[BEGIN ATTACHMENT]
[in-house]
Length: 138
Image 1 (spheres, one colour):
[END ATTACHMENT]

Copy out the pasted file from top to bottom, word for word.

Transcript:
[in-house]
Length: 138
Image 1 (spheres, one colour):